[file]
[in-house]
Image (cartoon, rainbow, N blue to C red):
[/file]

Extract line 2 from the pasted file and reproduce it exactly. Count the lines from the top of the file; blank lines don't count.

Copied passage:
Image (cartoon, rainbow, N blue to C red):